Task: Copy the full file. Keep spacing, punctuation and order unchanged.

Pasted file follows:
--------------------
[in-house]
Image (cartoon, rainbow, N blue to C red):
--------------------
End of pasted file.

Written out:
[in-house]
Image (cartoon, rainbow, N blue to C red):